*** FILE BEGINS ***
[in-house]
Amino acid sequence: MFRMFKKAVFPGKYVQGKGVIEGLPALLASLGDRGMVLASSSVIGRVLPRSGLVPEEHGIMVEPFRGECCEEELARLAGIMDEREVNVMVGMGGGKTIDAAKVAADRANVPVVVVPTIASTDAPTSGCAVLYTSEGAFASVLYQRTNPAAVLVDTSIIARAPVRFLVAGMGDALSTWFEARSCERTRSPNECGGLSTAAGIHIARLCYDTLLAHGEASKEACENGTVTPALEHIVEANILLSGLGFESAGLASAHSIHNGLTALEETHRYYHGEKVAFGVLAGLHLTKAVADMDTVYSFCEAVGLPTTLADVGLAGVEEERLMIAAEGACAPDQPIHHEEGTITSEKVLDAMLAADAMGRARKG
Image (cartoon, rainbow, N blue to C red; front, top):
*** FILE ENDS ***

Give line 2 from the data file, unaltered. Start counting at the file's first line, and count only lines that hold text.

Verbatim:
Amino acid sequence: MFRMFKKAVFPGKYVQGKGVIEGLPALLASLGDRGMVLASSSVIGRVLPRSGLVPEEHGIMVEPFRGECCEEELARLAGIMDEREVNVMVGMGGGKTIDAAKVAADRANVPVVVVPTIASTDAPTSGCAVLYTSEGAFASVLYQRTNPAAVLVDTSIIARAPVRFLVAGMGDALSTWFEARSCERTRSPNECGGLSTAAGIHIARLCYDTLLAHGEASKEACENGTVTPALEHIVEANILLSGLGFESAGLASAHSIHNGLTALEETHRYYHGEKVAFGVLAGLHLTKAVADMDTVYSFCEAVGLPTTLADVGLAGVEEERLMIAAEGACAPDQPIHHEEGTITSEKVLDAMLAADAMGRARKG